By Ekta R. Garg
November 6, 2019
Release date: November 5, 2019
Rated: Borrow it / 3 stars
A woman, adopted at a young age, finds out the truth about her identity and receives an inheritance all at the same time. As she digs deeper into her past, however, she begins to realize that its secrets are darker than she could have ever imagined. Author Lisa Jewell returns with her latest thriller that will keep readers guessing until the end but leave them hanging in her new novel The Family Upstairs.
On her 25th birthday, a letter arrives on Libby Jones’s doorstep. She’s been waiting for it her entire life, because it contains key pieces of herself. Libby was adopted as a toddler and has no idea who her birth parents were, except for the fact that they died and that she was to come into an inheritance on this birthday.
The letter contains facts that make Libby dizzy: her birth parents have left her a house. An entire house. And it’s not just a ramshackle dump. The house stands in Chelsea, one of London’s hippest neighborhoods. Even without seeing the property, Libby knows she’s just inherited millions.
Then Libby does an internet search on her birth parents, Martina and Henry Lamb, and the result shocks her. Apparently Martina and Henry died in some sort of suicide pact along with a third unidentified adult. When police answered an anonymous call about strange activity at the Chelsea mansion, they found the three adults dead in the kitchen downstairs and Libby, gurgling and cooing away, upstairs in a crib. Other children had been reported living at the house, but the police don’t find any of them.
The information makes Libby uneasy. When she goes to the house, she meets a local journalist who reported on the story and has his own theories about what happened. Between the two of them, they begin teasing out the possibilities of the past. The harder they work on finding more information, however, the more Libby wonders whether she really wants it. Each secret uncovered reveals another one waiting, and none of them are pleasant in the least.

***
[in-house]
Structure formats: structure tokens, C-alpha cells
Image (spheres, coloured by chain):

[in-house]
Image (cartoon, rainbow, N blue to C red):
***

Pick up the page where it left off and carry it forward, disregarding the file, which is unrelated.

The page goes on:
Author Lisa Jewell layers the book with three points of view: Libby’s as she researches and visits the house; Lucy, a single mother in Nice, France, struggling to keep her children safe as she earns money playing her fiddle on the streets of the city; and Henry, son of the Lambs. Lucy and Libby’s stories progress through the present day. Henry provides all the background information on what occurred in the Lamb house while he was growing up and before his parents’ death.
While the approach is interesting, readers may likely find themselves more drawn to Henry. His story contains all the salacious details from the past that lead up to the death of the Lambs and the third person with them in the kitchen. Yet he has nothing to contribute to the present-day story: Libby’s discovery of her identity. By contrast, Libby’s story, on the mechanical level, is the most mundane. She finds out about her inheritance and then researches her past. In reality, not much more than that happens until a small climactic point late in the book. Even that feels like a major letdown, because not much comes of it.
Lucy’s story falls somewhere in the middle. It occurs during the present day and also possesses movement and conflict. Lucy wants to return to her home country of England, yet circumstances prevent her from doing so. While Jewell works hard at masking Lucy’s connection to Libby and Henry, readers will figure out who she is long before the book offers the “big reveal.” Even that comes across as anti-climactic.
The book starts picking up steam right at the end, but then it’s over. Readers may feel confused more than anything else. Why did the closing chapters need such a long, drawn-out buildup? And what happens next? Readers will be left wondering too much.
Fans of Lisa Jewell may enjoy this one, and for those who like books about complicated family situations that personify dysfunction this is a solid read. Otherwise, I recommend readers Borrow The Family Upstairs.